And he did it all with a straight face.
President Trump has given one of the most extraordinary speeches of his (or perhaps any) administration, telling voters in Florida that he is the “the number one environmental president since Teddy Roosevelt.”
Hmm, where to start? Perhaps with the British philosopher John Langshaw Austin, who formulated a concept of speech known as the “performative utterance.” Austin defined the performative utterance as a statement in which “the issuing of the utterance is the performing of an action—it is not normally thought of as just saying something.” A classic performative utterance is “I now pronounce you man and wife.” The statement isn’t describing reality, but rather changing reality.
We can only assume that President Trump intended his campaign speech in Florida to have that kind of performative effect—by declaring himself a great environmentalist, he would become one, in the same way that the pastor can make someone a husband or a wife by merely saying so. Because otherwise, as an act of description, his speech borders on hallucinatory. Trump is in the process of withdrawing the United States from the Paris climate accord, the most consequential environmental agreement in history. He has rolled back, or attempted to roll back, limits on pollution in nearly all forms and from nearly all sources. He has rescinded automotive fuel-efficiency rules. He has worked as a one-man cheerleading squad for the coal industry, the eventual and inevitable demise of which will be a historic boon to humanity. Trump has denounced energy-efficient light bulbs in part because he looks better under incandescents, and he’s complained that water-saving showerheads don’t adequately pamper his “beautiful hair.”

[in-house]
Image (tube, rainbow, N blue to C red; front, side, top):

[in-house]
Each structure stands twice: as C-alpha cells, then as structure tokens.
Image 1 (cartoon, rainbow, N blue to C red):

Lest we forget to mention Trump’s proposal to open waters all around the U.S. coastline to offshore oil drilling—which both Republican and Democratic presidents have deemed too dangerous since the 1940s—the president’s speech did address the topic. In an attempt to woo the voters of Florida, a crucial swing state where public opposition to offshore drilling runs very high, Trump announced a presidential memorandum to save Florida, along with South Carolina and Georgia, from his very own scheme to plunder them. Wow, whatta guy—whatta leader! He giveth, and he taketh away.
If there is one thing to admire about President Trump, it is the incomparable magnitude of his chutzpah. Imagine standing on a podium before thousands of people and declaring yourself the greatest prizefighter since Muhammad Ali or the the finest mathematical mind since Sir Isaac Newton. Somehow, for Donald J. Trump, this kind of puffery comes naturally. But voters—in any state that has an environment—should be able to easily sniff out Trump’s latest wild fabrication.